energy efficiency; TCP-regulated traffic; multi-hop wireless networks; radio transmission range; link-layer metrics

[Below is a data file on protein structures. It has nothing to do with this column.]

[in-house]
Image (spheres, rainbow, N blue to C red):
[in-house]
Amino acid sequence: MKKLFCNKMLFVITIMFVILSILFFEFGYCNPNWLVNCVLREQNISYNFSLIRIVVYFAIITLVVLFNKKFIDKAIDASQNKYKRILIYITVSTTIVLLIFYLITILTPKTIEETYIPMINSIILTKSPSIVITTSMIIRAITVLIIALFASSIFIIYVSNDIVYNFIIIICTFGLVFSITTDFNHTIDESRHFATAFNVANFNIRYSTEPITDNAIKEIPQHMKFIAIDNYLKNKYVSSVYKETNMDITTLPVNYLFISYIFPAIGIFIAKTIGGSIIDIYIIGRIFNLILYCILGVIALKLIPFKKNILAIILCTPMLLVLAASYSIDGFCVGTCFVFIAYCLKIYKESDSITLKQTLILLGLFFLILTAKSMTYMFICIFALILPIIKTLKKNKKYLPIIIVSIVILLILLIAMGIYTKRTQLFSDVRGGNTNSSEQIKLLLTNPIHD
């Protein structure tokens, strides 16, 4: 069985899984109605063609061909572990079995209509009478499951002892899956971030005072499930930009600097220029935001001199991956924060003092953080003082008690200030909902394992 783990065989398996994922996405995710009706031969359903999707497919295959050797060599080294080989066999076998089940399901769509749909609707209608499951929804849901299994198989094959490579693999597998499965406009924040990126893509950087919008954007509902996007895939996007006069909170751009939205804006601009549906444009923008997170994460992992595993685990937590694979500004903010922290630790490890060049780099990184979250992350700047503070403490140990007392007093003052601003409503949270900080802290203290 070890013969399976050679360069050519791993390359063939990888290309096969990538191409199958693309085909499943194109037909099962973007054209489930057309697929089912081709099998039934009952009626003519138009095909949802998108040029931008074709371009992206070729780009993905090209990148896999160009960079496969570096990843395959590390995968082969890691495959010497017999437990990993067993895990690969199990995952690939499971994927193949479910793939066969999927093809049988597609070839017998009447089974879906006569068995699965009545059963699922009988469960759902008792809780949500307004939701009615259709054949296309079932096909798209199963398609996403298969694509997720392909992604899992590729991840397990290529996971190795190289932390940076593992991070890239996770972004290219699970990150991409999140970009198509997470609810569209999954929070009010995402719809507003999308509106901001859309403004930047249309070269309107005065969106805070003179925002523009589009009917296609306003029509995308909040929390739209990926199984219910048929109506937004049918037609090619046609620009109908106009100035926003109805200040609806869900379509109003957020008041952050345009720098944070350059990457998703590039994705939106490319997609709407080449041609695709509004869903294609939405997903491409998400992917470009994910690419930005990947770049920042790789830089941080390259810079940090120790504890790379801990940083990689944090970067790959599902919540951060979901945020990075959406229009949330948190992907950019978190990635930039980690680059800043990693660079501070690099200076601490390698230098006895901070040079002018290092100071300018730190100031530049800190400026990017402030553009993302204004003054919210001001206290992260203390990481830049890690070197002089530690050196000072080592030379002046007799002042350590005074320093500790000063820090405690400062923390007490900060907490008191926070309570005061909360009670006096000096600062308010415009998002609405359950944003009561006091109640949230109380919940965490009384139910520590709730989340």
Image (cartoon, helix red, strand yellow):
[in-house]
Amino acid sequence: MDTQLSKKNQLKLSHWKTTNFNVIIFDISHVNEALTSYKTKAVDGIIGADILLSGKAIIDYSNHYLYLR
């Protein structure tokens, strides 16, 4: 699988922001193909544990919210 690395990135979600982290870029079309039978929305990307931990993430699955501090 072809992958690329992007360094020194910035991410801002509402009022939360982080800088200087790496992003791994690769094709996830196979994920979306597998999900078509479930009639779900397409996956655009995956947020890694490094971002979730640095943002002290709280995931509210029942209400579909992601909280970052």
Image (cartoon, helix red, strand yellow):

We study the performance metrics associated with TCP-regulated traffic in multi-hop wireless networks that use a common physical channel (e.g., IEEE 802.11). In contrast to earlier analyses, we focus simultaneously on two key operating metrics - the energy efficiency and the session throughput. Using analysis and simulations, we show how these metrics are strongly influenced by the radio transmission range of individual nodes. Due to tradeoffs between the individual packet transmission energy and the likelihood of retransmissions, the total energy consumption is a convex function of the number of hops (and hence, of the transmission range). On the other hand, the TCP session throughput decreases supra-linearly with a decrease in the transmission range. In certain scenarios, the overall network capacity can then be a concave function of the transmission range. Based on our analysis of the performance of an individual TCP session, we finally study how parameters such as the node density and the radio transmission range affect the overall network capacity under different operating conditions. Our analysis shows that capacity metrics at the TCP layer behave quite differently than corresponding idealized link-layer metrics.